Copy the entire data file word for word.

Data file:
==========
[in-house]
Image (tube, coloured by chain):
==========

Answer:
[in-house]
Image (tube, coloured by chain):